BACK ON HIS BIKE, ALREADY A WINNER
By EMMA CORNFORD
AS Glen Ingram waits at the line for the beginning of the Grafton to Inverell Cycle Classic this morning, completing the course will be foremost in his mind.
Just over seven years ago, Mr Ingram was in a race near Sydney. His plan was to finish, then ride home to get in some extra kilometres in preparation for the Grafton to Inverell.
He never finished the race.
Instead, he collided with another rider which resulted in an accident that left his bike in pieces and his back broken in two places.
The resulting 18 months were some of the toughest of Mr Ingram's life as he fought through his injury and the resulting depression.
"At the same time I had my accident the Goodwill Games were on in New York and a Chinese gymnast broke her neck in the same place. She's now a quadriplegic ? so I was lucky," he said.
"When it happened I thought I'd just pulled a muscle or something and the doctor would tell me to go home and rest ... but then he came in and said I'd broken my neck and I lost it."
With his neck in a brace for four months and his parents caring for him, Mr Ingram had to make a choice.
Despite being unable to ride or even feed himself, he got himself a new bike.
"I couldn't ride it, but it was my encouragement to get up and not become a blob at home doing nothing," he said.
"The first time I got back on I was a bit scared and I had my down days where I didn't want to go anywhere, but life's short and you've got to get up and do what you can."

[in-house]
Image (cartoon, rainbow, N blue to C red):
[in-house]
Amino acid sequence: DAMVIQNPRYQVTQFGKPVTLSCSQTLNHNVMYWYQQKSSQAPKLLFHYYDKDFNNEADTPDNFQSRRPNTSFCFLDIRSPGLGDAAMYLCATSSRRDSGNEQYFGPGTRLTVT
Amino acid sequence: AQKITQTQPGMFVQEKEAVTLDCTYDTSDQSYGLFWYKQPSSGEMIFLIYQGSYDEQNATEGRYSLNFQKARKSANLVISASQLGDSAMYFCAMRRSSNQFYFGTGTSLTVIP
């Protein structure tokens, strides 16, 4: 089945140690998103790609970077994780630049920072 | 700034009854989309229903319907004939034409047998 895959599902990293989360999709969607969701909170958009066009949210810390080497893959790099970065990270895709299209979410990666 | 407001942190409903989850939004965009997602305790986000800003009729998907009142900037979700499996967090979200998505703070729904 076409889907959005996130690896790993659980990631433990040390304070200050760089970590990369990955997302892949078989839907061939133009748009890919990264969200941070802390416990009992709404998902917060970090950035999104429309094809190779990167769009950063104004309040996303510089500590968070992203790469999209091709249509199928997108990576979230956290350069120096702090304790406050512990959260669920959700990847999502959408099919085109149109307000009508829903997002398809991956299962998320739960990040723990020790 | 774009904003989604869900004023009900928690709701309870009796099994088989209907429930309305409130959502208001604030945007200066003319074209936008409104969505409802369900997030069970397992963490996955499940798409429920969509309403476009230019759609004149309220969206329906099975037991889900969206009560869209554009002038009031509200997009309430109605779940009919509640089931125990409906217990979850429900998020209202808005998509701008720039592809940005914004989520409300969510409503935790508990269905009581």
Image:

His bike, which he will ride today, was from Italy ? a country he fell in love with during a trip to Europe years ago and decided he would visit again when he recovered from his accident.
A couple of years ago he got there and stayed at Belvedere Bike Hotel in Riccione.
The owner asked Mr Ingram to return to the hotel and become a bicycle tour guide.
He now works there for four months a year and competes in granfondos, huge Italian cycle races, which he has used as training for this year's competition. He has also been sponsored by the hotel.
Mr Ingram's mother Marlene, father Reg and partner Bronwyn will be there this morning to see Mr Ingram off ? something Mrs Ingram thought she would never see again.
"I didn't think he would ever ride again," she said.
"He stayed with us for a year and we had to do everything. Seeing the depression he went through was the worst thing. But he'll do it. We're just so proud."